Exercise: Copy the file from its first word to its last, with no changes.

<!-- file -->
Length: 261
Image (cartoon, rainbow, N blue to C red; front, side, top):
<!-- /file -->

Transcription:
Length: 261
Image (cartoon, rainbow, N blue to C red; front, side, top):